Straight White Men was written by Young Jean Lee, the first Asian-American woman to have a play produced on Broadway. It explores the interplay of four white men who struggle and perhaps display guilt over success and privilege. The play, at the Helen Hayes Theater, is adroitly directed by Tony award winner Anna D. Shapiro, with Armie Hammer, Stephen Payne, Paul Schneider, and Cary Donaldson as the four main characters, plus Kate Bornstein and Josh Charles as narrator figures dubbed “Persons In Charge.”
The story occurs on Christmas Eve and revolves around the relationship between a retired father (Payne) and his three sons. The sons are Drew (Hammer), who is a prominent novelist and professor; Jake (Charles) a successful banker recently divorced from an African-American woman; and Matt (Schneider) who graduated Harvard, but is deeply in debt from student loans and has taken a menial job with a social-service agency and moved back into his father’s home.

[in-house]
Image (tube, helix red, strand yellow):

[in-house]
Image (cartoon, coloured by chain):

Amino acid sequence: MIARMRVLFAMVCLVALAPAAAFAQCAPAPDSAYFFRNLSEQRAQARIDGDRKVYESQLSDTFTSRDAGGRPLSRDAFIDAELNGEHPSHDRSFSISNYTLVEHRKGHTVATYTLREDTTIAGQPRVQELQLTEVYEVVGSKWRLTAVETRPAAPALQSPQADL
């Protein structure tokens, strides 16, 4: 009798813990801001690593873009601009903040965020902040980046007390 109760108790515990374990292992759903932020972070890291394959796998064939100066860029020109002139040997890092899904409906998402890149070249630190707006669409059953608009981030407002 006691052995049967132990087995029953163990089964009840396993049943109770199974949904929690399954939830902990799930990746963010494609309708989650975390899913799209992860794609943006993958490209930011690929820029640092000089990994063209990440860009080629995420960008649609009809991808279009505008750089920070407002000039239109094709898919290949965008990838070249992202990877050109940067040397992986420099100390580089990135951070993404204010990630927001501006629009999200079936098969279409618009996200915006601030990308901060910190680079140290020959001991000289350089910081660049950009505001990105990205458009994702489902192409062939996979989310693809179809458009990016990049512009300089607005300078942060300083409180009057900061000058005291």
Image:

This 90-minute play takes us on a journey to attempt to understand the relationship between the three brothers and their father. They reminisce about old times, burst into a dance, and ruminate on Matt’s lack of ambition and failure to live up to his ability. After all, straight white men should be go-getters, not aimless, the others say.
Straight White Men is ambiguous in its exploration of success and exploitation. The play is humorous and cohesive, but I doubt it communicates the author’s ultimate message. Still, I would recommend it for all adults for an interesting, engaging, and funny 90 minutes.